Posted by Dawn Marie Bailey
“When it comes to excellence and achievement, never give up,” said Dr. Ben Carson, acclaimed director of the Division of Pediatric Neurosurgery at Johns Hopkins Hospital, as part of his keynote address at the 25th Annual Quest for Excellence® conference. Touching on just about every category in the Baldrige Criteria for Performance Excellence, Dr. Carson shared stories of people striving for excellence, sometimes successfully and sometimes literally dying in pursuit of their dreams, as in the case of soldiers at Fort McHenry in 1812.
The pursuit of excellence has been part of the history of surgery, and “learning from your mistakes is a big part of excellence,” he said. For example, the first transplants were disastrous, but today transplant surgery is routine.
Carson told the story of Walter Dandy, one of the founding fathers of neurosurgery who practiced in the first half of the twentieth century; the first 13 of his neurosurgeries were unsuccessful. “Imagine if you were patient number 14?” Carson asked. “The point is perseverance. And this says a lot about the ability to learn from what others do.”
Baldrige Category 1: Leadership
Know the goals of the people whom you are leading, Carson said. He told a story of being a young ROTC officer in charge of a very unruly group; he quickly learned what group members loved most: playing with guns and knives. Rather than letting this intimidate him, Dr. Carson turned the group into a drill team that could take apart and reassemble rifles in record time. “Unless you set a goal which may seem impossible–something no one’s ever done–it’s very unlikely you will make it reality,” he said.
“Leaders are people who will encourage and uplift,” said Carson. “That makes all the difference in the world. . . . So many people can always tell you why something won’t work but don’t invest the time in what will work.”
Baldrige Category 2: Strategic Planning
The power of people coming together and planning for the future helped him succeed in medical school, Carson said. When studying alone, “you can miss stuff, but when you pull together collective knowledge, what a difference.” He also told the story of acquiring the previous year’s tests; the goal was not to find answers to the questions but to find the body of knowledge for which the questions were being asked. Dr. Carson said this was a “good example of how to use history to cement the future.”
Unlike animals, humans have a gigantic frontal lobe that allows for rational thinking, extraction of data, and planning into the future. Animals can only react, but, he said, “how many people do you know that only react and don’t use their processing ability to plan?”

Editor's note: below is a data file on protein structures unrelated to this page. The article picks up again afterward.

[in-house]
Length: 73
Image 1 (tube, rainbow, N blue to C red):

Baldrige Category 3: Customer Focus
“A focus on people makes all the difference,” Dr. Carson said. As a young doctor, he built up a practice purely by word of mouth; “If you treat someone well, [word of] that gets multiplied quickly. . . . You must be cognizant of what every interaction brings to that person. Concentrating on that is guaranteed to make a difference.”
He told the sad story of Ladan and Laleh Bijani, conjoined twin sisters, both law school graduates, who died in 2003 after a 50-hour surgery to separate them. The women dreamed of being separated and were willing to take the risk.
“It’s important to have a dream that pushes you on. It pushes you forward when nothing else seems to work,” he said. “But you have to put the dream out there if you’re going to achieve it.”
Baldrige Category 5: Workforce Focus
In terms of workforce, Dr. Carson said he will soon be retiring with the same physician’s assistant who began her career with him, and he has other staff who have worked with him for many years. “That’s one of the keys to excellence–to have people who know you, work for you, and can feel the same success that you have.”
Humility is another key to excellence. He told the story of being the primary surgeon for the successful surgery on the first set of conjoined twins at Hopkins. “As the primary surgeon, I got the credit, but I couldn’t have done it without the team. Everyone on the team made contributions. It was not any great surgical skill that I possessed, but it was about the teamwork.”
A similar story was his organization of 18 neurosurgeons on one surgical team, with each being slotted into a position where he/she could be an expert. The surgery was ten hours ahead of schedule because everyone contributed and no one took all of the credit. “A telltale sign of success is not being concerned about who gets the credit,” said Dr. Carson.
Baldrige Category 6: Operations Focus
Dr. Carson offered the Carson Scholars Fund as an example of operational excellence that addresses the need to uplift U.S. scholars and especially children who excel in math and science. For 17 years, the fund has given more than 5,600 scholarships in all 50 states; “Now children have something else to aspire to,” he said, “not just to be the quarterback but to be the scholar.” The winners of the scholarship not only have to show academic achievement but humanitarian caring and compassion, he said.
“No matter your accomplishment, you should always be willing to give back, willing to care, to talk, to even be kind with whom you disagree,” he added.
Judging from the line of people waiting to speak with Dr. Carson after his presentation, I imagine they, like me, were inspired by his stories of excellence. How are you inspired by excellence?